Date of Award

May 2020

Document Type


Degree Name

Doctor of Philosophy (PhD)



Committee Member

Robert Fleck

Committee Member

Peter Blair

Committee Member

Jorge Garcia

Committee Member

Devon Gorry


The strength of the overall economy depends critically on the human capital -- the knowledge and skills -- of the workers in that economy. Investment in education is a central way for individuals to acquire human capital. The acquisition of human capital through education can also provide an important signal of individual ability, and can otherwise be rewarded with better labor market outcomes and opportunities. This dissertation explores important determinants of human capital investment by examining key incentives that influence the decision to invest in a college education.

In the first study, I examine the college educational, earnings, and employment responses to local labor demand shocks brought about by recent innovations in horizontal drilling and hydraulic fracturing. I find that a boom in fracking production within a county causes a reduction in college enrollment rates at four-year institutions, an increase in earnings, and an increase in employment for both men and women, with stronger effects for men. The decline in college enrollment during a boom is largely reversed as fracking production slows within a county. Educational attainment, however, remains persistently low for cohorts who experience the biggest enrollment declines. Workers who never attend college experience relatively larger earnings and employment gains, when compared to college-educated workers. These findings reveal that fracking-induced shifts in labor demand raise the opportunity cost of, and reduce the relative returns to, college.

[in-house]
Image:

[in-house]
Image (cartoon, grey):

In the second study, I analyze how new fracking production at varying distances from a particular county affects earnings, employment, and college enrollment within that county. I find that new fracking production up to 60 miles away generates positive earnings and employment gains within a county, most notably for non-college-educated men. New fracking production within 40 miles of a county is also associated with reductions in enrollments at two-year and four-year institutions. Beyond a distance of 60 miles, I find little evidence that new fracking production affects earnings, employment, or college enrollment. These findings have important implications for many counties throughout the United States, even if they do not engage in fracking, but are especially relevant for the top-producing and surrounding counties who account for the vast majority of the expansive increase in fracked oil and gas production over the last two decades.

In the final study, I examine the effect of unilateral divorce laws on college attainment. Exploiting state variation in the adoption of unilateral divorce laws, I show that both women and men are less likely to report having a bachelor's degree in states that adopted unilateral divorce laws. This reduction in human capital investment occurs in states with community property laws, where the law requires an even split of the couple's assets in the event of a divorce and is most pronounced for white women and white men. I find no distortionary effects of unilateral divorce laws on the human capital decisions of black men or black women, even in states with community property laws.



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